Archive for the ‘Family’ Category

So it is finally here.  The last son is graduating.  The nest is emptying….

I pride myself on being this tough old broad that is hard and realistic or at least I think I thought I was.  Then this happens.

Don’t get me wrong it was hard when the last two completed school and moved on to their futures.  But this is the last one, there will be no one to wake up 47 times to ensure timeliness, there will be no more dirty dishes or socks in the mostly unlikely of places. No more permission slips to sign in my last minute dash to work. No more lunch money.

I have been a bag of emotions today.  I felt like I have been fired from a start up business that I had birthed and grown into a fantastic, thriving successful thing.  I felt unemployed, my job is no longer necessary.  I will be kept on as an adviser but I am not  in charge of it.  I had contemplated selling the goats because why not.  I was rethinking every life decision I have made.

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Youngest and his girl

 

As I was explaining  the jangle of shit that was going through my heart and head to my husband, the goat guy shows up.  “Hey, I have a proposition for you….”

I have two new goat kids coming Tuesday.  They are bottle babies.  They will need nurturing and I won’t have to wake them or find their socks but something wants me to keep doing what I am doing, so I will.  Even if it is with tears in my eyes.

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Family Traditions

It all started innocently enough, the middle son brought home a leprechaun chain from nursery school.  It was carefully crafted by small hands. There were green shamrock leaf shaped pieces of construction paper strung onto a green yarn with snippets of straws in between each leaf.  The idea was that you hung it somewhere and the leprechauns would climb it.  We, of course, hung it.  The boys went to bed and I pondered…what the hell is a leprechaun going to do after climbing the chain?

As the boys woke and came down the stairs into the kitchen they saw what a leprechaun would do.  He would overturn chairs and pee in your milk making it green. Youngest son had a big problem with drinking milk that someone had whizzed in.  That was the first year.

The boys then learned that if you trap a leprechaun you would reap the reward of all his gold.  So the quest to build a better leprechaun trap was on. With their involvement becoming more and more the scenarios for the morning had to become more imaginative. I crafted feet out of polymer clay to leave foot prints in the many different medias they left to find where he went to hide his pot of gold.  I left the tiniest of notes from Ian McMarty regaling his narrow escapes and chiding them that they would never get his gold. And the milk was always  peed in and turned green.  Youngest son still had issues with it.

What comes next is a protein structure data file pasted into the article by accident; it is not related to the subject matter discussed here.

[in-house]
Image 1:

Then time came and stole away the young boys who would trap for leprechauns and refuse to drink whizzed in milk.  The leprechaun chain is in a box upstairs with the kindergarten cookbooks, the class pictures and lovingly misspelled love letters to me.

I awoke around  3 this morning to make the usual call of nature and when I came down the stairs into the kitchen…I stopped and I smiled…the place was trashed.  Every chair was overturned, the fruit bowl was upside down and the fruit was everywhere.  Drawers and cupboard doors were wide open.  While I was sleeping a leprechaun was among us and he even took a whiz in the milk.

I love green milk!

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Today’s morning was to be devoted to getting the middle son back to college.  Orono is a little less than a two hour drive from our house.  FH dropped youngest son off at work at seven a.m. Then came back home to load the car for the trip.  FH, myself and middle son left home, car loaded with clean laundry, groceries, a box of bonsai plants, and another filled with kumbucha, kefir and other fermented wonders.

Our road was a bit slick.  It is tree lined so the sun has limited opportunity to melt any snow or ice.  The icy ruts were throwing the car around but we are used to that.  We proceeded to the Interstate.  The Interstate that was a bit more slick.  The speed was reduced from 65 to 45; not that anyone seemed to be paying any mind to that.  The sun was out, temps were almost in the 40’s, surely the ice was melted.  Yeah, no.  FH, mind you he drove milk tanker during the Ice Storm of ’98 when no one else was on the roads, was cursing and creeping along.  The road was covered with black ice.   We saw three or four cars off in the median at various intervals.  There was one 20 mile stretch that was so ice rutted that it made our road seem like dry hot top.  Remember this is the Interstate.  I have honestly never seen it like that.  We finally made it and dropped the boy off with all of this stuff and promptly headed South.  On the way back, we saw four semi trucks in the ditches laying on their sides.  Two of them were heading in the opposite direction.  There were two others that were off the road but still upright.  We made it home just in time to pick up the youngest from work.